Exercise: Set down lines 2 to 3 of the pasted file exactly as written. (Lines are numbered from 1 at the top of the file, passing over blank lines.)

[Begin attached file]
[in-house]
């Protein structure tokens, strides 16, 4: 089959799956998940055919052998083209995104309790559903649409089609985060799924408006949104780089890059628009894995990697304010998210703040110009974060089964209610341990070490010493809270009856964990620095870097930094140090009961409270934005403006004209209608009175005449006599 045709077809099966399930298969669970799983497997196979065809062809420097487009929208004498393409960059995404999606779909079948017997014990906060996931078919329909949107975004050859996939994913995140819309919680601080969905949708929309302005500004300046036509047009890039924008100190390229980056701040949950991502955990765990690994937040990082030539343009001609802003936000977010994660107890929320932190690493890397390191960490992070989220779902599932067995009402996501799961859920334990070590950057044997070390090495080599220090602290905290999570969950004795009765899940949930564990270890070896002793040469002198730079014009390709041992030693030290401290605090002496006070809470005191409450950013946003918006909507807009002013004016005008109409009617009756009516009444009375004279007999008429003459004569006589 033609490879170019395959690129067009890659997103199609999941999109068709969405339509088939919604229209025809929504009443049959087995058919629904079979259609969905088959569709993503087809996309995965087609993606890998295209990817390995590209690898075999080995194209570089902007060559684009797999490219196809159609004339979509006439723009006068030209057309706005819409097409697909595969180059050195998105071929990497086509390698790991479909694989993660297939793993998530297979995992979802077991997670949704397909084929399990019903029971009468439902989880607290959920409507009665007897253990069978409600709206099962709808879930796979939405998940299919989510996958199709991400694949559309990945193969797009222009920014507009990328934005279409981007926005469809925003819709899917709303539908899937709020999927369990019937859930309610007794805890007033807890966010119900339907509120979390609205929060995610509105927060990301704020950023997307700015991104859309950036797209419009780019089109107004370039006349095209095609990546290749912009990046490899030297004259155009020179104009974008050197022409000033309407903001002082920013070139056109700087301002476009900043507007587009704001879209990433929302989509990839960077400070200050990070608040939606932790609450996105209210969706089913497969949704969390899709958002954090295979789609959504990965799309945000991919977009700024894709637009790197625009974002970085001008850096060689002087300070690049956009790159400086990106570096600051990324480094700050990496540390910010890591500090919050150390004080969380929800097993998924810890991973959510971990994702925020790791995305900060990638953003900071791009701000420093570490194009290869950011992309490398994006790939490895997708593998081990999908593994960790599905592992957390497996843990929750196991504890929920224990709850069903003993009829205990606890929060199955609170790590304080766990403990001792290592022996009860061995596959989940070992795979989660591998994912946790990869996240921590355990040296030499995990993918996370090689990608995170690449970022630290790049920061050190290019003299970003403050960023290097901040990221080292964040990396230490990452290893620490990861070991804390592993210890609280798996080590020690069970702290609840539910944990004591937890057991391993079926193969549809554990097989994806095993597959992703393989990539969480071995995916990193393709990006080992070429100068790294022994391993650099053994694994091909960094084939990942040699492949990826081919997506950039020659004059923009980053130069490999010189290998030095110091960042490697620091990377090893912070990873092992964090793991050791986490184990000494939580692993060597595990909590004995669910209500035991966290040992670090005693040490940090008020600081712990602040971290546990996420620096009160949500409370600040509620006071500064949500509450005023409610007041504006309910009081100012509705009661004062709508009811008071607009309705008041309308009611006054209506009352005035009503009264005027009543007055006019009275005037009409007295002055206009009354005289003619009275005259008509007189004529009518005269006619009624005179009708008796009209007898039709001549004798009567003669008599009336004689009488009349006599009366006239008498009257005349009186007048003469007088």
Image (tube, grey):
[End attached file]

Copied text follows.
């Protein structure tokens, strides 16, 4: 089959799956998940055919052998083209995104309790559903649409089609985060799924408006949104780089890059628009894995990697304010998210703040110009974060089964209610341990070490010493809270009856964990620095870097930094140090009961409270934005403006004209209608009175005449006599 045709077809099966399930298969669970799983497997196979065809062809420097487009929208004498393409960059995404999606779909079948017997014990906060996931078919329909949107975004050859996939994913995140819309919680601080969905949708929309302005500004300046036509047009890039924008100190390229980056701040949950991502955990765990690994937040990082030539343009001609802003936000977010994660107890929320932190690493890397390191960490992070989220779902599932067995009402996501799961859920334990070590950057044997070390090495080599220090602290905290999570969950004795009765899940949930564990270890070896002793040469002198730079014009390709041992030693030290401290605090002496006070809470005191409450950013946003918006909507807009002013004016005008109409009617009756009516009444009375004279007999008429003459004569006589 033609490879170019395959690129067009890659997103199609999941999109068709969405339509088939919604229209025809929504009443049959087995058919629904079979259609969905088959569709993503087809996309995965087609993606890998295209990817390995590209690898075999080995194209570089902007060559684009797999490219196809159609004339979509006439723009006068030209057309706005819409097409697909595969180059050195998105071929990497086509390698790991479909694989993660297939793993998530297979995992979802077991997670949704397909084929399990019903029971009468439902989880607290959920409507009665007897253990069978409600709206099962709808879930796979939405998940299919989510996958199709991400694949559309990945193969797009222009920014507009990328934005279409981007926005469809925003819709899917709303539908899937709020999927369990019937859930309610007794805890007033807890966010119900339907509120979390609205929060995610509105927060990301704020950023997307700015991104859309950036797209419009780019089109107004370039006349095209095609990546290749912009990046490899030297004259155009020179104009974008050197022409000033309407903001002082920013070139056109700087301002476009900043507007587009704001879209990433929302989509990839960077400070200050990070608040939606932790609450996105209210969706089913497969949704969390899709958002954090295979789609959504990965799309945000991919977009700024894709637009790197625009974002970085001008850096060689002087300070690049956009790159400086990106570096600051990324480094700050990496540390910010890591500090919050150390004080969380929800097993998924810890991973959510971990994702925020790791995305900060990638953003900071791009701000420093570490194009290869950011992309490398994006790939490895997708593998081990999908593994960790599905592992957390497996843990929750196991504890929920224990709850069903003993009829205990606890929060199955609170790590304080766990403990001792290592022996009860061995596959989940070992795979989660591998994912946790990869996240921590355990040296030499995990993918996370090689990608995170690449970022630290790049920061050190290019003299970003403050960023290097901040990221080292964040990396230490990452290893620490990861070991804390592993210890609280798996080590020690069970702290609840539910944990004591937890057991391993079926193969549809554990097989994806095993597959992703393989990539969480071995995916990193393709990006080992070429100068790294022994391993650099053994694994091909960094084939990942040699492949990826081919997506950039020659004059923009980053130069490999010189290998030095110091960042490697620091990377090893912070990873092992964090793991050791986490184990000494939580692993060597595990909590004995669910209500035991966290040992670090005693040490940090008020600081712990602040971290546990996420620096009160949500409370600040509620006071500064949500509450005023409610007041504006309910009081100012509705009661004062709508009811008071607009309705008041309308009611006054209506009352005035009503009264005027009543007055006019009275005037009409007295002055206009009354005289003619009275005259008509007189004529009518005269006619009624005179009708008796009209007898039709001549004798009567003669008599009336004689009488009349006599009366006239008498009257005349009186007048003469007088």
Image (tube, grey):